Dr. Farida Allaghi criticizes the World Bank's latest HIV/AIDS report.

WASHINGTON –The Middle East and North Africa represent the two most-underserved areas in the world in HIV/AIDS research and prevention despite a sharp increase in infections over the past 10 years, according to a World Bank report released Tuesday.

The report, “Breaking the Silence: HIV/AIDS in the Middle East and North Africa,” found the number of cases in the region has almost quadrupled to 460,000 since 2001. The report says that women comprise almost half of this population; married people count for four out of five of these cases.

Laith J. Abu-Raddad, Director of the Biostatistics and Biomathematics Research Core at Weill Cornell Medical College in Qatar, said that the region is “lagging behind the rest of the world” in HIV/AIDS education, services, scientific research and destigmitization.

Abu-Raddad said that men having sex with men has increasingly contributed to the number of diagnoses in most countries in the region. Men in particular lack access to prevention programs because of the stigma and legal punishments that surround homosexuality. Other high-risk groups include female sex workers and injecting drug users. With 90 percent of heroin produced in Afghanistan, drug use is rampant in the surrounding areas, the study found.

“There is a need for socially and culturally-sensitive approaches to drug and sex work that go beyond punitive measures of law enforcement,” said Shamshad Akthar, regional vice president of the Middle East & North Africa Region at the World Bank. She acknowledged that governments and doctors need to work even harder to implement HIV/AIDS programs in an area already dominated by conservative social norms of Islamic law.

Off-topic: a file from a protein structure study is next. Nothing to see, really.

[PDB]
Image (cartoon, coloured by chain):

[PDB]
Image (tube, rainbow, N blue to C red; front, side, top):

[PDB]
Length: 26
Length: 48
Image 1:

To sidestep stigma, public health officials must do more than spread awareness, the researchers said. Organizations must collect scientific data to pinpoint affected communities, Abu-Raddad said. One method includes tracking infections through biomarkers, or blood samples. Such information will help institutions build clinics in the riskiest regions.

The researchers said that public health issues often take a back burner to the political and social tumult in the region. Akthar said turmoil from last week’s uprising in Egypt that forced President Hosni Mubarak cede power has the potential to disrupt the nation’s economy and politics—especially in the provision of public health services to the young.

“HIV/AIDS manifests itself in the stress the youth faces,” said Akthar.

Dr. Farida Allaghi, CEO of Mentor Arabia, a drug prevention program for children based in Lebanon, criticized the World Bank report, arguing that the 21-page “policy outline” fails to adequately address the crisis.

“You keep saying we need to train policy makers and politicians. I don’t think they know what you’re training them about,” she said.

“You really need to invest in building the capability of civil society, working with academic institutions, and supporting science and research,” Allaghi said.

She also berated the report for lacking data on infected children, as well as failing to mention who would implement these programs.

“We’re marching, but we’re still strangled. Few are still crawling.”

A student is shocked by the report’s findings.
A student’s perspective by medillonthehill